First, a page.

Location - OS map 33 (NG833-172)
South Highland - About 2.5 miles south-east of Glenelg north of minor road west of A87 at Shiel Bridge, north of river, near Corrary, in Gleann Beag. Situated close by Dun Telve.
Dun Troddan is a fine Broch with substantial sections of walling surviving. The structure of the building consists of two drystone skins of outer wall held together with horizontal stone slabs. It is possible to go up to a section of stairway within the gallery. Off the low entrance doorway is a corbelled guard cell.
When the structure was excavated in 1920 a circle of posts was located in the central area, presumably these posts that would have supported an upper timber floor.
Location - OS map 33 (NG829-172)
South Highland - About 2 miles south-east of Glenelg north of minor road west of A87 at Shiel Bridge, north of river, near Corrary, in Gleann Beag. Situated close by Dun Troddan.
With Dun Troddan this is one of the best preserved Brochs in Scotland. A large portion of wall is missing but within the remaining sector of wall are scarcements to support upper floors, and voids above the interior doors. The entrance has a bar hole and door checks. There are the remains of various outbuildings around the exterior of the broch, but these may be of a later date.
Artefacts recovered when the site was excavated included pottery fragments, stone cups (possibly used as lamps) and a few quern stones.
Location - OS map 33 (NG815-197)
South Highland - About 0.3 miles north of Glenelg on minor roads west of the A87 at Shiel Bridge, on east side of Glenelg Bay, at the mouth of Glen More.
Dates from the 1720s and consists of ruined ranges of buildings around a courtyard with defensive walls which are pierced by shot-holes.
Built to control the crossing to Skye, Bernera Barracks and had accommodation for 200 men. The garrison was reduced after the failure of the Jacobite rising in 1746. It was abandoned about 1800. The road to Glenelg mostly follows the course of an old military way.
Location - OS map 33 (NG816-202)
South Highland - About 7 miles west of Shiel Bridge, on minor road west of A87 at Shiel Bridge, near Galltair, Glenelg.
A ruined Iron Age dun consisting of the remains of a massive semi-circular wall and outworks all heavily overgrown with ferns and bracken.
It was still in use in the 16th century, and is associated with Alastair Crotach MacLeod. It is said that a careless nursmaid dropped a baby from one of the windows.
Eilean Donan Castle - rebuilt in the 20th century
EILEAN DONAN CASTLE
Location - OS map 33 (NG881-259)
South Highland - About 8 miles east of Kyle of Lochalsh, south of Dornie, on an island, on the A87, on the north side of loch Duich at the mouth of Loch Long.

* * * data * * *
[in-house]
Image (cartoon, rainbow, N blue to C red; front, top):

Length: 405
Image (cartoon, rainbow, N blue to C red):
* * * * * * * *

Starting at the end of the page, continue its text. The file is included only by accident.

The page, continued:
One of the most beautifully situated of all Scottish castles, Eilean Donan castle consists of a 13th century wall surrounding a courtyard.
In one corner of the courtyard stands a strong 14th century keep of three storeys and a gabled garret. Adjoining ranges of buildings and fortifications were added in later centuries. The keep has a flush parapet, with open rounds and corbelled machicolations. The main entrance is up a flight of stairs from the courtyard. The basement is barrel-vaulted, and the hall is on the first floor with private chambers above.
Alexander III gave the lands to Colin Fitzgerald, son of the Irish Earl of Desmond and Kildare, for his help in defeating King Hakkon and his Norsemen at the Battle of Largs in 1263. The family changed their name to MacKenzie, and Eilean Donan became their main stronghold. Robert the Bruce was sheltered here in 1306. in 1331 Randolph, Earl of Moray executed 50 men at Eilean Donan and adorned the castle walls with their severed heads. The castle was captured by the Earl of Huntly in 1504, and in 1509 the MacRaes became constables of the castle. In 1539 Eilean Donan was besieged by Donald Gorm MacDonald, a claimant to the Lordship of the Isles, but he was killed by an arrow shot from the castle. William MacKenzie, 5th Earl of Seaforth, had it garrisoned with Spanish troops during the Jacobite rising of 1719, But three British frigates battered it into submission with cannon, and it was blown up from within. Although completely ruinous it was rebuilt in the 20th century.
Location - OS map 33 (NG758-264)
South Highland - About 0.5 miles east of Kyleakin on the Isle of Skye, on minor road and on foot south of A850 in Kyleakin, on the east of the harbour.
Overlooking the ferry crossing between Skye and the mainland at Kyle of Lochalsh, Caisteal Maol "bare castle", is a very ruined 15th century keep, of which only two walls remain to second-floor level. Large parts collapsed in 1949 and 1989.